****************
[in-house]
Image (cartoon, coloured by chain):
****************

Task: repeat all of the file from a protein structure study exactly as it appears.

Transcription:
[in-house]
Image (cartoon, coloured by chain):